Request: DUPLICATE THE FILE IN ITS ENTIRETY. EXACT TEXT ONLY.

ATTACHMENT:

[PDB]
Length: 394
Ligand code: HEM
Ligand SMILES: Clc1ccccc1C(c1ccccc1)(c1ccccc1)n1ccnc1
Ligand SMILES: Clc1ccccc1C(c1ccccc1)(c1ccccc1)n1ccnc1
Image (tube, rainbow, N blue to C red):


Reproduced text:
[PDB]
Length: 394
Ligand code: HEM
Ligand SMILES: Clc1ccccc1C(c1ccccc1)(c1ccccc1)n1ccnc1
Ligand SMILES: Clc1ccccc1C(c1ccccc1)(c1ccccc1)n1ccnc1
Image (tube, rainbow, N blue to C red):